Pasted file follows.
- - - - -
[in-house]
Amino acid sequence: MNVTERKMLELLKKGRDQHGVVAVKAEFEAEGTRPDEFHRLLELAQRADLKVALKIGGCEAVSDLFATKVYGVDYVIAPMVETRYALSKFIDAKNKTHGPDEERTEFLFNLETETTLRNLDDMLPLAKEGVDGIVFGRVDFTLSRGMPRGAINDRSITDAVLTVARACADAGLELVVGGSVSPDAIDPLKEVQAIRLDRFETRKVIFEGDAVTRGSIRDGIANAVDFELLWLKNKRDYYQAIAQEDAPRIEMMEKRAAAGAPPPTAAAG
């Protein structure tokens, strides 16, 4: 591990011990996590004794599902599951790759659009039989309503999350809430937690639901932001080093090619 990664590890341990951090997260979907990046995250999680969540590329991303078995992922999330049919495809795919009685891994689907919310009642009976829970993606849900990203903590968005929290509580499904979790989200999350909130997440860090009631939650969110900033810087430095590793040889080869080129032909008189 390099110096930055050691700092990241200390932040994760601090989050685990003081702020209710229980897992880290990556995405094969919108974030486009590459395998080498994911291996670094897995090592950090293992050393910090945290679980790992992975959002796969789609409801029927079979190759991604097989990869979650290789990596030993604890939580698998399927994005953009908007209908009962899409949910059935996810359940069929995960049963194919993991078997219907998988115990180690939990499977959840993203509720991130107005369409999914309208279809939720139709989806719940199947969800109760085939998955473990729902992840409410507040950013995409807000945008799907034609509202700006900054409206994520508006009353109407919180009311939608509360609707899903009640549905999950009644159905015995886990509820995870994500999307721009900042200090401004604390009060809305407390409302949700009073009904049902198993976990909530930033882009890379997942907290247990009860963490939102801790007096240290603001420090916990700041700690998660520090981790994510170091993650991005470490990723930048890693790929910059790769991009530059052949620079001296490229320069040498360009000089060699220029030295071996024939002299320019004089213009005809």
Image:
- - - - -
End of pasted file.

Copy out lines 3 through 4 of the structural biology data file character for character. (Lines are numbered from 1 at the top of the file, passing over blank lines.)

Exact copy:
């Protein structure tokens, strides 16, 4: 591990011990996590004794599902599951790759659009039989309503999350809430937690639901932001080093090619 990664590890341990951090997260979907990046995250999680969540590329991303078995992922999330049919495809795919009685891994689907919310009642009976829970993606849900990203903590968005929290509580499904979790989200999350909130997440860090009631939650969110900033810087430095590793040889080869080129032909008189 390099110096930055050691700092990241200390932040994760601090989050685990003081702020209710229980897992880290990556995405094969919108974030486009590459395998080498994911291996670094897995090592950090293992050393910090945290679980790992992975959002796969789609409801029927079979190759991604097989990869979650290789990596030993604890939580698998399927994005953009908007209908009962899409949910059935996810359940069929995960049963194919993991078997219907998988115990180690939990499977959840993203509720991130107005369409999914309208279809939720139709989806719940199947969800109760085939998955473990729902992840409410507040950013995409807000945008799907034609509202700006900054409206994520508006009353109407919180009311939608509360609707899903009640549905999950009644159905015995886990509820995870994500999307721009900042200090401004604390009060809305407390409302949700009073009904049902198993976990909530930033882009890379997942907290247990009860963490939102801790007096240290603001420090916990700041700690998660520090981790994510170091993650991005470490990723930048890693790929910059790769991009530059052949620079001296490229320069040498360009000089060699220029030295071996024939002299320019004089213009005809």
Image: